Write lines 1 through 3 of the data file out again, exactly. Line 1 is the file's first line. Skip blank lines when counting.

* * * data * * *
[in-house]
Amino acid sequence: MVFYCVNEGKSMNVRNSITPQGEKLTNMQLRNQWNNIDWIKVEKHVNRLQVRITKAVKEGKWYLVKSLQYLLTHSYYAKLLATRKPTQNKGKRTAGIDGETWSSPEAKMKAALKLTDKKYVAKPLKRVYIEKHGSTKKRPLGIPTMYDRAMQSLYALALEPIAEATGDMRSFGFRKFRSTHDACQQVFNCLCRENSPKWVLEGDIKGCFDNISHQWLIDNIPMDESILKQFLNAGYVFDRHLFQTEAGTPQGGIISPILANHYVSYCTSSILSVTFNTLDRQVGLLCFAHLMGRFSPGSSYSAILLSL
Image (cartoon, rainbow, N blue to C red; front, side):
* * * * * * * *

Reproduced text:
[in-house]
Amino acid sequence: MVFYCVNEGKSMNVRNSITPQGEKLTNMQLRNQWNNIDWIKVEKHVNRLQVRITKAVKEGKWYLVKSLQYLLTHSYYAKLLATRKPTQNKGKRTAGIDGETWSSPEAKMKAALKLTDKKYVAKPLKRVYIEKHGSTKKRPLGIPTMYDRAMQSLYALALEPIAEATGDMRSFGFRKFRSTHDACQQVFNCLCRENSPKWVLEGDIKGCFDNISHQWLIDNIPMDESILKQFLNAGYVFDRHLFQTEAGTPQGGIISPILANHYVSYCTSSILSVTFNTLDRQVGLLCFAHLMGRFSPGSSYSAILLSL
Image (cartoon, rainbow, N blue to C red; front, side):